In late November, the Student Association (SA) announced the creation of two new committees aimed at improving life for students: the Feminine Hygiene Committee and the Mental Health Committee.
The Feminine Hygiene Committee was initiated by Binghamton University Council Representative Harry Bittker, a senior majoring in political science, with the goal of increasing affordability and access to feminine hygiene products for students.
Bittker campaigned on the initiative last year, and the University’s Faculty Senate passed a resolution of support in October.
“The cost of buying tampons and pads every month adds up, especially for college students,” Bittker wrote in an email. “Once you realize how much extra half the student body has to pay because of the bodies they were born with, it becomes an issue of economic equity. And anytime I discuss this initiative with people, it only becomes more and more clear how meaningful it would be for them to see that the University understands and wants to help like that.”
Providing students with affordable menstrual health needs has been increasing in prevalence among public institutions. In October 2017, the SUNY Faculty Senate passed a program to provide free feminine hygiene products in all restrooms at SUNY facilities, modeling it after a New York City initiative that did the same in all public schools, prisons and homeless shelters.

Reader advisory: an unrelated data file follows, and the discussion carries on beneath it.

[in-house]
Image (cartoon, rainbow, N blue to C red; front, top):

The committee will be led by JoAnn Navarro, the vice president for operations at BU. It will include members from Physical Facilities, Auxiliary Services and the health and wellness department. Bittker will provide a student’s perspective and input to the committee, along with Rachel Anszelowicz, an assistant in the SA’s multicultural affairs office and a junior triple-majoring in philosophy, classical and Near Eastern studies and philosophy, politics and law.
“One thing that was mentioned in the meeting was that students would gain the most from this initiative, and so I think there’s a sense that, whenever costs and logistics allow, this needs to be crafted with students in mind,” Bittker wrote. “So our goal is to help the committee better understand students’ needs, and make sure that we’re getting the best possible outcome for students.”
Andy Jean-Baptiste, the SA’s vice president for multicultural affairs and a senior double-majoring in economics and philosophy, politics and law, proposed the Mental Health Committee, which will be chaired by Anszelowicz.
Anszelowicz said the purpose of the committee will be to assess the mental health resources available on campus, spread awareness of these resources and help end the stigma surrounding mental health illnesses.
“Mental health is a prevalent issue in today’s world and that doesn’t exclude the [BU] campus,” Anszelowicz wrote in an email. “Mental health issues can often be managed well when met with the proper resources but many students on campus feel that those resources are not readily available or could be improved. For that reason we started this committee to aim to shape Binghamton’s mental health resources to be able to best help the students that they aim to help.”
The committee itself will not be an active group that requires funding, but instead an exploratory body that works with other groups and departments on campus to address issues and promote mental health care.
“The committee functions by bringing a number of these groups with vested interests in mental health together, in an effort to pool resources to most efficiently shape mental health resources on campus,” Anszelowicz wrote.
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